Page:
Most people say that sweatshops are bad and that since you buy Nike, Hitler will ass-rape you in hell. Well, as it turns out, these sweatshops are actually helping the people who work in them, and buying sweatshop made products helps them even more.

Just The Facts

  1. Sweatshops are factories that make consumer goods at extremely low prices to be exported.
  2. Sweatshops are low paying jobs with poor working conditions in economically depressed countries.
  3. Sweatshops employ children to do hard work with similarly low pay.
  4. Celebrities, Politicians, and hipsters hate sweatshops.
  5. Sweatshops are good for developing countries because they provide better wages and working conditions than the alternatives.

Sweatshop Conditions

What are sweatshops?
Sweatshops are factories where people make cheap consumer goods for other nations to buy. These goods are exported to more rich nations like the United States where they are less expensive than domestic made alternatives. The reason why these products cost less money at the store is because labor and capital costs are significantly less.

The Problem
A normal sweatshop employee works 10 hours a day, does menial, repetitive tasks, works in generally poor conditions and gets paid less than 5 dollars per day. By American standards, that is not even enough to default on a house you can't afford. Or eat at McDonalds. Basically the conditions are so poor and shitty that interest groups and activists everywhere have declared that we have to stop trading with nations that have sweatshops. That way we can convince them to abandon the sweatshops for more high-paying jobs and everyone can be happy again. Children are often employed in sweatshops because they will work for lower wages than adults, and they can do roughly the same amount of work. Companies like Nike, Adidas, WalMart, and Kathie Lee Gifford have all been known to use sweatshops to make their products less expensive so that you can spend less money at the store. In other words, children work harder than you ever thought possible just so you can be "just like Mike". . .or just like Kathy.
Make my clothing. Eat later.
"Make my clothing. Eat later."

But wait....didn't we say that sweatshops were good?

Why Sweatshops are Good

Oh, there you go.

Alternatives for Sweatshop Workers

So if all of that above is true, then sweatshops should be bad right? Wrong. Sweatshops are actually better than the alternative, which could mean working in the fields. Working in the fields out in the hot sun for 12 hours a day and about half as much money as you would in a sweatshop doesn't exactly sound appealing.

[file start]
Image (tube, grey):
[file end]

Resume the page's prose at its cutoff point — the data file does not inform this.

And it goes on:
And it turns out that working in a sweatshop (because of getting paid more money and working indoors rather than in the farms) puts you in a higher social bracket since you have more money, a higher social status, and actual lunch breaks.

Did we mention higher social status?
Did we mention higher social status?

Sweatshops become a way to create even more wealth for yourself. Oh and those children that get laid off because countries start to get pressured internationally? One of the more common solutions is prostitution. Apparently, when 50,000 children were
laid off because of America's policy, many resorted to becoming prostitutes. Better than the alternative right?

So how good are sweatshops?
Some economics professor Benjamin Powell claims that sweatshops
"are also part for the process of development that ultimately raises living standards." His point is that in order to help third world countries get rid of sweatshops, we ought to buy more products made in them. Because then people get more money to reinvest into their own economy, creating more jobs, higher wages, better working conditions and increased growth. Powell goes as far to say that if there are more sweatshops in a nation, that nation is doing well, because it will lead to more economic development. He claims that the movement to end sweatshops by the international community actually does more harm than good. Like before, when people get laid off from sweatshops, because sweatshops are perceived as bad, people try to find other ways to make money. Because if they don't then they will...well....die. So many people either go back to the farms, pick up trash, or become prostitutes. And some become trash picking farm prostitutes. Either route is not a solid career choice. At least when you work in a sweatshop you don't have to worry about getting an STD, or getting bit by a cow.

Fighting Against Sweatshops

Here is the irony in all of this. People who fight against sweatshops and try to stop countries from using them are actually hurting sweatshop workers. By boycotting sweatshops or regulating against them, less money reaches the companies who pay sweatshop workers. And even though that may seem ok if their executive bonuses shrink, what really happens is they lay off workers. Sweatshop workers. Stated above, without sweatshops these workers would have to work in more menial, lower paying, more physically demanding and more dangerous jobs. And because the sweatshops are a major source of capital accumulation in the country, the whole country suffers, and grows at a slower rate. This means that it is even harder to get into the really nice sweatshop jobs than before, because there are less of them available.
And sweatshop workers aren't the only people who benefit from the glory that is cheap labor. Remember at the start we said that sweatshops make cheaper consumer goods? No? Well they do. That means you have more money in your pocket to buy other goods, which helps our economy here. You can even buy more things made in sweatshops, helping them even more!
So the next time a hipster tells you that they don't wear Nike shoes because they are made in sweatshops, step on their Chuck Taylor high tops (made by Nike) and tell them that they are forcing children to be prostitutes.